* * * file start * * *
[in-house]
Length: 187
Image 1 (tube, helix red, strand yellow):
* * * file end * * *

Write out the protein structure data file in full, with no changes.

[in-house]
Length: 187
Image 1 (tube, helix red, strand yellow):